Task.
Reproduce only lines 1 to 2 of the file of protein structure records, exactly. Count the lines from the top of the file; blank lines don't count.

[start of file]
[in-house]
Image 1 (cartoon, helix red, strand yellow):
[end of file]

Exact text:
[in-house]
Image 1 (cartoon, helix red, strand yellow):